It’s always a pleasure to run into you Steve. I feel like I’m not the only one looking around wondering “what happened?” It’s different now, yes, but you have to admire the moves these young guns have made. Richie, Scott, Jason, Noah, Satsky, Ronnie, The SL crew. I mean I remember when those guys all reported to you. Now they have legitimate empires. Very impressive. I’m an old house-head and that music is slowly disappearing into this new horrible cesspool of dance music. You couldn’t fuck with the likes of Junior, Danny, Frankie, Little Louie, Victor, Boris. And sometimes they all played on the same night at different clubs around the city. Insane. I’ll dip into Provac or Pacha for the house. Ritchie, Scott, Noah, and Jason seemed to have pinned down the baby giraffe crew.
God bless Amy Sacco and David Rabin, true warriors if there ever were any in NYC. David was actually the first club owner I ever worked for, back at Rex. I’m also real happy in my hood. A pint of Guinness at Ear Inn suits me just fine these days. Don Hill was a very close friend of mine and his passing rattled NY nightlife to the bone. I truly miss that man. NY is NY though; it is the greatest city on the planet, nothing even comes close. I am very proud to be from here; I couldn’t imagine living anywhere else.
The holiday season means higher-than-usual tourist density in New York City, and naturally, that spike in traffic is due in no small part to your own eager friends and family, who descend on the city for an authentic, fairy-lighted experience of the Big Apple in winter. But after a day at Macy’s, an evening at Rockefeller Center, and a dinner somewhere “New York-y,” as per their request, where do you, their trusty tour guide by default, take them for a night on the town? Here are a few crowd-pleasers that will still earn you some street cred, whether that crowd involves your boyfriend’s distant Uncle Larry, Mom and Dad, long-lost friends who’ve emerged from the woodwork, hard-to-impress rubberneckers, or your old high school mates. A comprehensive list of the best yuletide boîtes to celebrate the new year – and the best of NYC.
Bars with Games Good For: Who doesn’t like to indulge in the nostalgia of old-school games, especially this time of year? Whether you’re with a raucous bunch of old friends, have a score to settle with your Mom over ping pong, or need to take the focus off a conversation with relatives you barely know, these bars offer distractions and can make for a festive time. Bar 675: Basement rec room goes for casual chic with Jenga, cards, and board games. Earn extra points from sceney friends, who will be thrilled to tell the folks back home that they hung out in the Meatpacking. The Diamond: Brooklyn bound? Beer makes shuffleboard so much more fun at this Greenpoint joint. SPiN: Table tennis for mom, and the fact that it’s owned by Susan Sarandon will appease cousin Name Drop as well. Barcade: Are your friends from the Midwest looking for “authentic Brooklyn?” Watch their wide-eyed wonder as they take in skinny-jean gangs playing thumb-cramping faves like Frogger and Tetris for an authentic 25¢ a pop. Ace Bar: Skee-Ball bar pleases the kiddies and anyone else who likes bare-bones décor sprinkled with bits of pop-trinket nostalgia from your childhood. V Bar: Siding with the gaming snobs of the world, this spot is best for your Princeton-alum brother (who happens to be a chess genius). Café and wine bar stocked with NYU grad students, chess and Scrabble battles, and a nice selection of beer and wine.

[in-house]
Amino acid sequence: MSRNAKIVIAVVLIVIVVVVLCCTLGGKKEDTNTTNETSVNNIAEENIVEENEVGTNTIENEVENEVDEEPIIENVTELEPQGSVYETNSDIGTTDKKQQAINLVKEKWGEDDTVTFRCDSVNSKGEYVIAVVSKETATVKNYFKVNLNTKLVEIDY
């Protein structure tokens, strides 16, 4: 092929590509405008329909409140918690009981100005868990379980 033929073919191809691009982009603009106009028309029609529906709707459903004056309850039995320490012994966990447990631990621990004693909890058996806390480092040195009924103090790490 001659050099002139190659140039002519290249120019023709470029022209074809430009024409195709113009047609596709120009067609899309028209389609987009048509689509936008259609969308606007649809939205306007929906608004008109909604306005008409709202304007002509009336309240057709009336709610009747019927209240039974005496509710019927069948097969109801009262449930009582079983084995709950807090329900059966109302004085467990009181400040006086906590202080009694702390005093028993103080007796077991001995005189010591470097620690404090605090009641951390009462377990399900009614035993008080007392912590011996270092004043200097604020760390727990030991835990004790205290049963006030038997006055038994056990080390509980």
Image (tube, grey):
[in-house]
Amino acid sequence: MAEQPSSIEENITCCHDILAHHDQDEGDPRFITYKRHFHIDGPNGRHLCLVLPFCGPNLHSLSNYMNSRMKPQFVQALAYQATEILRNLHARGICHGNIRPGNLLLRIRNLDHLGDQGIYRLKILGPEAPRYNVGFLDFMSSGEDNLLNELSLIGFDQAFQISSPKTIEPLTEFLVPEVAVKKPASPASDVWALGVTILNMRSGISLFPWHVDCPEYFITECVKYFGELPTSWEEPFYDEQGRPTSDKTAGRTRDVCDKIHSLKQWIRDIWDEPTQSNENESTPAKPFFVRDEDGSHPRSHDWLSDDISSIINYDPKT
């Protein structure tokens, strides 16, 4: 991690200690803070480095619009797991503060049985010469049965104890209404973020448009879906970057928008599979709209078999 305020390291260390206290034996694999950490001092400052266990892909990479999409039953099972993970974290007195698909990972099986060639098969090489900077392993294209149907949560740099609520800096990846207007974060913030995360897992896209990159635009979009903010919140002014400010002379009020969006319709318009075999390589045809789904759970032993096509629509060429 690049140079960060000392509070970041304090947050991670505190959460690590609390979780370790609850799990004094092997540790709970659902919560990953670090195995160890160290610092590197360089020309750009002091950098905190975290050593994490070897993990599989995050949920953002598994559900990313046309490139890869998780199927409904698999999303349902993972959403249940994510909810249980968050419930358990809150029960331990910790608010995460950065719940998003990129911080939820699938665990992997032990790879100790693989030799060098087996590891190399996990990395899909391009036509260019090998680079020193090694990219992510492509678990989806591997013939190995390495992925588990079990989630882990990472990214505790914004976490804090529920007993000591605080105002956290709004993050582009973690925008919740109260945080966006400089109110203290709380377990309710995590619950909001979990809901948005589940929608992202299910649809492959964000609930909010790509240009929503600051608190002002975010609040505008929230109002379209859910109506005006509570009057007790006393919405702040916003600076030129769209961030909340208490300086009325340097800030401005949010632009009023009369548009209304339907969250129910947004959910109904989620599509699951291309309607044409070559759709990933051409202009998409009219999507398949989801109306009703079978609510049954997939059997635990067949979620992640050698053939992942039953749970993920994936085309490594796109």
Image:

Next: Cozy Fireplaces
Cozy Fireplaces Good For: Catch up time with people who came to really enjoy holiday spirit in the city. Rose Bar: Have friends or family more interested in being around artists than actual art? For example: I once took someone here who fawned over what he thought was a Warhol (he read about it in a city guide) loud enough so that he was sure Neve Campbell, seated a table away, could hear. It was a Haring. Rubber-necking friends aside, the velvety banquettes and giant fireplace are a cozy departure from the winter weather courtesy of Ian Schrager and Julian Schnabel. The Lobby Bar at the Bowery Hotel: Wood paneling, stuffed animal trophies, and twin oils of hunting hounds give off an English-manor-library vibe. Can be a headache to get a good spot, which are usually reserved for “hotel guests,” monied travelers, and pretty hipsters. Try eating at Gemma first and brown nose your server for a spot by the fireplace. The Back Room: Semi-secret spot for those wishing it was still Prohibition. They’ll get a kick out of drinking their $11 cocktail from a mug. Employees Only: High-class weirdness, with a gypsy psychic at the door and stellar mixologists to determine your fate. The smell of the fireplace and the sight of all the handle bar mustaches will really transport your visitors. Highlands: Décor is pub-meets-hunter’s-lodge, with stuffed deer on brick walls and salvaged woods. Cozy, and it exacerbates that whole “New York Melting Pot” idea. Savoy: A townhouse in the middle of Soho with a fireplace as the festive cherry on top. Shoolbred’s: Scottish pub parlor warmed by actual fireplace. Ten brews on tap. Scotch, natch. It’s Highlands for the East Side set, with a low key (NYU students) crowd.
Next: The Oldest Bars in New York